Speed’s Demons

It’s the anxiety. Mine. Where does it come from? Is fear a concomitant of age? If so, perhaps it’s there for a biological reason. You know, watch the ice on the steps. Try not to topple over in the bathtub. That sort of thing. I don’t know, but it’s there, and it’s part of my daily landscape. That is to say, there is much less running on automatic. Hop in the car and go…well, anywhere? Not now.

I have had my Chrysler van for a full year, and I’m still not easy with the thing. In fact, I’m not easy with lots of things, but the car is a particular focus. I drive so little, that all sorts of complications arise. Not the least of which involves batteries. Turns out that if you let them sit around, the power drains from them like sand through an hourglass. Don’t do it. Turn that key periodically, keep the sucker cranking, that’s the thing. And on this particular morning the thing is a drive to San Francisco, more particularly, my new neighborhood. Note that this is a trodden path. I have driven there a time or two before. Still, I haven’t driven there in the last week. And that’s what counts. Recency. Not driving can, in fact, affect the body. The muscles I used to pull my foot up, that is to say on and off the accelerator and brake, don’t get used. And the results are there. As I say, I have to keep doing this. What stands in the way? Principally fear.

There is plenty of evidence to suggest that I can drive. Even that I can drive some distance. Only last week, on the way to Monterey, Jane and I hit the road at the worst possible moment. Rush hour was brewing, and a major collision had snarled the motorway south. The whole thing took three hours, my longest drive ever. My back was sore, my foot was stinging, but what the hell. There I was by the sea, wife at my side, and all was well. All is likely to be well today, this very morning, although this will be a solo exercise. I think of all the things that could go wrong. Losing control on the freeway being the worst. And maybe a bit of paranoia isn’t such a bad thing in this regard. But only a bit. As Jane can attest, I tend to get nervous on freeway hills. There are several between here in San Francisco, and in anxious moments, I still brake heavily on the downhill stretches. For absolutely no reason. There’s nothing wrong with downhill. It saves fuel.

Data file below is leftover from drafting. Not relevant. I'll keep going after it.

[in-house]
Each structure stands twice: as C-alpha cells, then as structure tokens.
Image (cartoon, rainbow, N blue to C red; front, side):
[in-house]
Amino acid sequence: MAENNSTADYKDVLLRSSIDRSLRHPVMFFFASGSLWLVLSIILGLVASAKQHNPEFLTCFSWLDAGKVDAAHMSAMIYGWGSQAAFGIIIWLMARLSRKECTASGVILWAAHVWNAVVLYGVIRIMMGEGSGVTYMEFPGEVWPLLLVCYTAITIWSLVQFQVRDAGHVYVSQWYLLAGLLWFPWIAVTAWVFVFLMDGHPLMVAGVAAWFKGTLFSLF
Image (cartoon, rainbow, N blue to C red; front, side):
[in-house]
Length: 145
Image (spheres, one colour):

Which is easy enough to say, but in practice, the two inclines that slant down along the San Andreas Fault rift valley…well, they consistently throw me into an anxious tizzy. It’s here, and essentially only here, that I often feel my driving is out of control, that somehow I cannot brake. My one foot is not sufficient. So I move my foot over the brake pedal, and I can’t resist pressing down. Slowing the car to a ludicrous 50 mph, while everyone zips by me at over 70. Soon I will be over 70 myself, and that will really make me look ludicrous. The archetypal little old man trying to drive. Sad, even in anticipation.

Of course, the way home is an entirely different experience. In fact, it occurs to me that I might just try holding my foot over the brake pedal and not depressing the latter. Or even keeping my foot gently on the accelerator. Just a thought. And thoughts are good. Here feelings are not so good. Mostly. Still I have lots of the latter, and since thinking generally does not predominate in such moments of reactive fear, paying attention is another good thing. My life is unusually precarious. It hangs by a thread, as it were, a thread of spinal cord nerve cells. I am using half a body to drive a car, and that is inherently precarious. It feels like a tightrope walk. Perhaps it is. Perhaps I’ve been walking a tightrope for a long time, and that’s my job, and I’m competent. Confident? Stay tuned.

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